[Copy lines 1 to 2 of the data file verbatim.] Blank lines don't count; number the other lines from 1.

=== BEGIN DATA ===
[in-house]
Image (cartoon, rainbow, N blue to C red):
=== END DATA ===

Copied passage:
[in-house]
Image (cartoon, rainbow, N blue to C red):